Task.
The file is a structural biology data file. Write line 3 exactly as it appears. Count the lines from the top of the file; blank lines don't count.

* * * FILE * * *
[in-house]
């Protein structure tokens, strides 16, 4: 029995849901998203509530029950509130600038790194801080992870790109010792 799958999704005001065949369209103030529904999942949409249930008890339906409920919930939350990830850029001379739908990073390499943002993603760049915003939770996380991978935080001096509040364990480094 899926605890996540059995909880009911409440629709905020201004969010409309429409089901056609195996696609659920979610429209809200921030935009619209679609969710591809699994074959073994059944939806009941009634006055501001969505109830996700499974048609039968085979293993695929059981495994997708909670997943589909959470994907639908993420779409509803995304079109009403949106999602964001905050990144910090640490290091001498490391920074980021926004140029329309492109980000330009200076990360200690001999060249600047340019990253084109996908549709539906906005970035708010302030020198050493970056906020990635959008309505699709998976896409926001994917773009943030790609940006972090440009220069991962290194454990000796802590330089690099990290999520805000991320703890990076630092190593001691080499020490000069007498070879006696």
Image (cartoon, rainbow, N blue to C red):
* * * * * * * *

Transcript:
Image (cartoon, rainbow, N blue to C red):